If you ever have the chance to visit Paris, one of the absolute highlights is, of course, the Eiffel Tower. Riding the elevator to the top is an experience in and of itself — as you fly through the Tower’s metallic skeleton, you start to see flashes of the city shrinking below you. When you come to a stop (after stepping past the fifteen-foot tall gears that turn the elevator’s cable), the view you see is maddeningly beautiful.
There are three primary levels of viewing platforms on the Eiffel Tower. The highest of these three is near the very top, and it was there that I found the most inspiring views.
I made sure to stay at the Eiffel Tower for sunset. As the sky darkens, the city of Paris begins to grow brighter. It didn’t take long for the buildings below to light up in wonderful, intricate patterns.
It can be overwhelming at first for a photographer to see such a beautiful sight. However, there is no time limit for your stay at the top of the Eiffel Tower (aside from closing time), so there is nothing wrong with taking the time to soak in the wonderful atmosphere of the place.
I will admit readily that I am the type of person who would rather visit a national park than a major city any day, but this experience in Paris struck a chord with me. Rooftopping will never be my style of photography, but I can see why some people find it so exhilarating.
Photographing from the top of the Tower at night brought with it some technical implications for my photos. I had no tripod with me, and, although tripods do not seem to be against the Tower’s (admittedly vague) rules, they aren’t particularly convenient to use around so many people. This issue can be less severe depending upon the spot you choose, and depending upon the time of day/year that you visit. Still, if you bring any support system, I recommend that you choose a monopod or a beanbag (and even those may be more trouble than they are worth).
Distant lights are dim at night, and the city of Paris is no exception. Chances are good that your ISO will be in the four-digit range for some photos, and there isn’t much you can do to avoid that. If you brace the camera against the Tower’s railing, though, you should be able to get a much slower shutter speed than you could achieve with standard hand-held photography.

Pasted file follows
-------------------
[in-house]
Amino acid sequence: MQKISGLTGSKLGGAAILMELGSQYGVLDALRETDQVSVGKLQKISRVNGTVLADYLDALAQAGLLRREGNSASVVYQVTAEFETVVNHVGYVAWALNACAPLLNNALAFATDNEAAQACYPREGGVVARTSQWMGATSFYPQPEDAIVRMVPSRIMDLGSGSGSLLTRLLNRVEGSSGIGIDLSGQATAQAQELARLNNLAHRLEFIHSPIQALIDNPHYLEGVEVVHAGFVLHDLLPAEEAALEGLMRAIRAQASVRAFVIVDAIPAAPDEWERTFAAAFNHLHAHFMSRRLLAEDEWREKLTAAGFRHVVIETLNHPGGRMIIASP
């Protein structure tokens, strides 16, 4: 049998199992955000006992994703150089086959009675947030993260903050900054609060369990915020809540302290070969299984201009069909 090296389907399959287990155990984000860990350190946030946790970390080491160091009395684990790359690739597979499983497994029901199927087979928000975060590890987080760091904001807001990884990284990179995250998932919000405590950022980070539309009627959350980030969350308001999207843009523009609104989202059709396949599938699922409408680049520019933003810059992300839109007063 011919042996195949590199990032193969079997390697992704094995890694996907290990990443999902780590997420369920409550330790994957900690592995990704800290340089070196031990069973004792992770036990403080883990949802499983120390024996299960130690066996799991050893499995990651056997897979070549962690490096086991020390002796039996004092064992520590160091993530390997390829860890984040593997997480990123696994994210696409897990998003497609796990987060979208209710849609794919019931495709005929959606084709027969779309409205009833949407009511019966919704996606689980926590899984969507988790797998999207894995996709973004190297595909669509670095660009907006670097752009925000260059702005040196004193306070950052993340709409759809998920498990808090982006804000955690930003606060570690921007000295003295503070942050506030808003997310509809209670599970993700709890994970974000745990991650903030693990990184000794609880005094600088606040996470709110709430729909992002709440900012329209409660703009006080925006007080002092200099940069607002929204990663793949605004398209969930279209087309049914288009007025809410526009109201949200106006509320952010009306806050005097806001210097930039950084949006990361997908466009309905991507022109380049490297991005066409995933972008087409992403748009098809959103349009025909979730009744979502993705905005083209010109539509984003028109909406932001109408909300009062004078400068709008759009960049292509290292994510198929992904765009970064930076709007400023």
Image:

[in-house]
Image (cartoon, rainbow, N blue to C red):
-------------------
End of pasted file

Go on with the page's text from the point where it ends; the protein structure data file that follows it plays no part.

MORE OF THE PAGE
Another big help is that the entire scene will be at essentially the same focusing distance: infinity. If you are happy with the image quality of your lens, you can open to its widest aperture without worrying that your subject will be out of focus. Depending upon the lens you have, this should help minimize any issues with a lack of light.
I chose to make these photos monochromatic for a reason: Paris looks great in black and white. I know that monochrome is a classic interpretation of the city, but I have an excuse — every day that I spent in Paris was utterly (and beautifully) gray. Monochromatic photos helped to mask the lack of color, and they just seemed to suit the scenes I found. This wasn’t a conscious decision going into the trip, but it was one of my ultimate takeaways.
After I returned from the Paris trip, I enjoyed revisiting the photos I took from the top of the Tower images. Nighttime photos always have their own character, and these images seemed to work well together as a sort of photo essay. None of these photos is my favorite on its own, but I am quite happy with how they work together. I have 12×18 inch prints of this series at my house, and I always enjoy seeing them next to each other. Together, they paint a picture of the mood I felt that night on top of the Eiffel Tower.
It would be nice if you could include, if possible the camera settings at the time these beautiful shots were taken.
All your photos are good, but l like specially the last one.
The Eiffel Tower shot is wonderfully executed… and most importantly, unique. Nice.
Thank you for the comment, and I am glad you like the photo! It is hard to take unique photos of well-known scenes, but that was at least my goal with this image.
You did well …. and I’m one who is more at home in nature then in the city (though I’ve been to Paris many times – and I’m pleased and envious of your photo!)
I like the last photo. It looks as if Eiffel Tower is spewing smoke and ashes.
Thank you, Remi! The Eiffel Tower has a huge spotlight that spins around the city in a circle. To take this photo, I waited until the spotlight faced directly towards me, giving the impression that it was facing straight in the air. I was lucky that there was a cloud above the Tower.
Beautiful. I love B&W & it shows the world a different way. I am fairly new to photography ( 2 yrs) love every day of it. I am now shooting with the D7100 but seeing & understanding what/how you shot those pix is inspirational.
Thank you, Marg!
With black and white photography, post-processing is more important than ever. You can get rich tones that aren’t possible with color photography, and it leads to some beautiful images. I’m sure that you are shooting great photos with your D7100.
They look awesome. I’ve also been there and it was a really nice photo opportunity :D
Some photos here:
Wonderful images, Catalin! You made great use of a wide-angle lens while you were in Paris.
Thanks! Normally my blog has around 2-3 views a day. Yesterday because of this post it had 120 :D
Isn’t it illegal?